“One reason for Scotland’s decline is the introduction of the Scottish Curriculum for Excellence in 2010. This replaced Scotland’s traditional, subject-based curriculum with a hotchpotch of cross-curricular themes such as ‘sustainable development’ and has been a disaster. It’s over-bureaucratic, requiring teachers to engage in endless box-ticking exercises; it’s progressive and child-led, which means children from disadvantaged backgrounds fare worse than their peers; and it prioritises teaching children ‘21st-century skills’ rather than knowledge, with the upshot that more children are leaving school without a grasp of the basics.

“Incredibly, the mastermind behind this catastrophe has been hired by the Welsh government to design an almost identical curriculum called, without apparent irony, Successful Futures. This is the latest blunder in what has been a series of missteps by the Labour-controlled Welsh executive, beginning with the scrapping of league tables in 2001. According to a team of researchers at the University of Bristol, that act alone explains a significant portion of the subsequent divergence in GCSE attainment between English and Welsh schoolchildren. In the PISA league tables, Wales is below every other UK region as well as the OECD average.

“My conclusion is that England’s education reforms, driven by a conservative philosophy [note the small ‘c’], have had a generally positive impact, while those in Scotland and Wales, embodying the opposite approach, have been disastrous.”

It’s hard to argue with any of that.

It’s always the poor who suffer most

This matters because if Wales is ever to help its thousands of poor children out of poverty, then providing them with a world-class education that can fit them for decent jobs, whether through academic or vocational routes into the workplace is absolutely essential. It’s widely acknowledged that the excellence of Ireland’s education system was a powerful component of the country’s ‘Celtic Tiger’ turnaround from the 1980s onward.

But rather than tackling the issues at the root of Wales’s declining standards, Kirsty Williams’s reaction has been simply to ignore the evidence.

Politicians who use poverty as an excuse for poor school performance, rather than as a reason to redouble their efforts in the pursuit of excellence, are simply acting as if they hate the poor. I’ve long suspected that this is the real sentiment within the Labour and Liberal Democrat parties – who see poverty as an electoral asset rather than as a scourge to be addressed – and education policy, along with industrial policy and planning, is one of the areas where this becomes most visible.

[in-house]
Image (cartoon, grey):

Maybe the books are blue after all

Another reason why this matters is that Wales is unique within the UK for having widespread bilingual education. This is something which has been hard-won over the decades since Ysgol Glan Clwyd opened – never underestimate Rhyl – in 1956. Study after study after study across the world has proven conclusively that bilingualism is a huge advantage, conferring numerous cognitive advantages on those who are brought up with two (or indeed more) languages. It’s no accident that the top spots in the PISA rankings are habitually occupied by countries – such as Singapore, Estonia, Finland and Slovenia – where multiple languages are in everyday use.

Yet the dismal performance of Wales’s schools gives those who are viscerally opposed to the Welsh language yet another stick with which to beat us. Perhaps the worst example of this in recent times is Katie Hopkins’ hopelessly ill-informed report last September, but the likes of Jacques Protic and Marcus Stead are only too ready to sound off on this subject. There’s every reason why Wales ought to have the best education system in the world – and the strength of the Welsh language is yet another one of those reasons. But by running down our education system to the extent that they have done, Labour and the Liberal Democrats are exposing the language to ridicule and inviting criticism from the ignorant and bigoted at home and abroad. Again, maybe that’s what they really intend.